Thursday, November 5, 2015

The Holiday Spirit

Guests like to help.  I know this, every etiquette/hosting guide says this.  Every lifestyle personality urges get your guests in on it! It's more fun!
bull and shit. 

I would like to be that person who opens his kitchen, passes a spare apron, and says oh darling! chop these carrots however you feel regardless of how I'd like them! Even though you just pet my dog, don't worry about washing your hands since there are two people blocking the sink arguing about abortion.  But that's not me.  I'm a solo act.  I feel it's a strength that I at least recognize this; but in the scheme of things, it's probably a weakness. So maybe in 30 years when I'm alone on Thanksgiving, I'll reassess.  For now, the motto remains Darling! get the fuck out of the kitchen.
No one breaks and follows this rule more hilariously than my sister.  My sister has an uncanny and intuitive way of being in the way.  She also has a dramatic and obscene way of fleeing. 
You might have a picture of me in your head as being spastic around the kitchen.  I'm not.  I am very calm and quiet. My sister, on the other hand, is about as quiet and calm as a toddler without an iPad.  Before I take anything out of the oven, or from the range to the buffet, I make an announcement that I will be carrying something hot.  Clear the path, often demonstrate my path as to avoid a situation where I start making threats as my hands are burning through my stupid, ancient Williams-Sonoma oven mitts.  For the most part, everyone has learned to stay out of my way.  Except my sister.  She will nod and agree when I ask everyone to clear, and yet still be standing right there telling a story with arms flailing around and remain completely oblivious until I quietly say Vanessa. Move. To which she responds by throwing her hands in the air like a Top Chef contestant at the end of the clock and saying oh shit oh shit oh shit and finally scurrying out of the way.  Usually spilling some wine and knocking over a chair in the process.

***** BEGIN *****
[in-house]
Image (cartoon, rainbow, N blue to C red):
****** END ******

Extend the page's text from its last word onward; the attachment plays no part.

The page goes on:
The Bota Box Malbec is actually pretty good.  And I think I could hang out with
Sandy Liles.
I easily forgive this in her because otherwise she is perfect.  She is, and has always been, my biggest supporter and closest confidant.  We work as a team, independently.  We are on the same page in terms of our family, keeping some traditions and letting others evolve.  We are each very respectful of each other's role in our family, and do not try to encroach onto each other's turf.  My sister runs the business of the family, and I get to rule the warm and fuzzy.  Each is equally important, and either of us would be awful at the other end of things. 
Where do I allow help on holidays?  Money and wine.  I'll happily accept either for the cause.  My sister has a natural knack for picking good wine.  Her secret is not buying anything with too beautiful or flashy of a label.  I seem to always pick bad ones.  So that is under her dominion.  I ask her to get the wine before the holiday.  It makes it easier for her, and much easier for me.  Last minute with your turkey resting is no time to be speed-chilling wine in the freezer, forgetting about it, and having a crackled bottle and wine slushie waiting for you.  Though a wine slushie is, in fact, quite good. 
I like prosecco all day any day, but I really do feel it's the perfect holiday wine.  It goes with anything, cuts through the richness without being assertive, and I think a popping bottle is essential to the holiday soundtrack.  Also, it seems bubbles keep people in a good mood.  So I almost always stick with that.  My sister likes to have a full armory of a little bit of everything, just in case. 

You may wish to stop one glass before Ramona. 
What do you serve? Do you ask your guests to bring wine? Do you get specific? 

34 comments: